Insights & advice
How to start a registered retirement savings plan for your business
There are 3 popular options – Group RRSP, DPSP and group TFSA
The reasons to offer a group savings plan include help attracting and keeping employees, as well as tax advantages
There are options for businesses as small as 2 people
What group saving options are available for small-business owners?
There are 3 retirement saving options:
Group registered retirement savings plan (RRSP) – The business owner sponsors this plan which is a group of individual RRSPs. Contributions are deducted from employee salaries, pre-tax, through a group RRSP issuer (such as Canada Life).
Employees usually contribute 3 to 5% of earnings. While employer contributions aren’t mandatory, some employers choose to match 50 to 100% of employee contributions. These employer contributions are taxable as income to the employee.
Many employees see a group RRSP as a way to pay themselves first, before taxes and other deductibles to their pay.
Employers can choose to offer group RRSPs to management only, or to management and staff once they’ve been employed for a certain length of time.
Deferred profit-sharing plan (DPSP) – If you want employees to have a financial interest in your company’s well-being and performance, a DPSP is a good option.
With a DPSP, the employer distributes a portion of pre-tax profits to selected employees. Only employers may contribute to a DPSP, and the contribution made for each employee cann’t be more than the lesser of 9% of an employee's earnings or the limit set by the Canada Revenue Agency (CRA) yearly. Employers’ contributions are tax-deductible and not a taxable benefit to the employee.
Group tax-free savings account (TFSA) – This is an option for employees who may be saving for something more immediate than retirement. An employer can match employee contributions into a TFSA but the total amount that can be contributed is set each year by the CRA. The employer offers the plan and convenient payroll contribution.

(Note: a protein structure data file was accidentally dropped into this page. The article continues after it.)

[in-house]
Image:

Benefits of starting a group savings plan
- Employers can help employees plan for their future. Employees can use convenient automatic payroll contributions (before tax for RRSP contributions).
- Help keep and attract talent. Employees will see you care when you match their contributions.
- Both employer and employee contributions to an RRSP are tax deductible to the employee.
- DPSP contributions are tax deductible to the employer within certain limits, as defined by the Income Tax Act.
- Investment management fees for a group savings plans are generally lower than individual plans, giving your employees the opportunity to grow their savings faster.
When should you start a group savings plan for yourself and/or your employees?
There are plans available for companies as small as 2 employees.
Ultimately, you should start a group savings plan when you want to show your commitment to your employees’ financial future and well-being.
You may also decide that offering a group savings plan is something that can help set your business apart when it comes to attracting and keeping employees.
Now that you understand more about the options for offering a group savings plan, you may want to meet with an advisor to:
Determine which option best meets the needs of your business
Get a quote on providing a group savings plan for your employees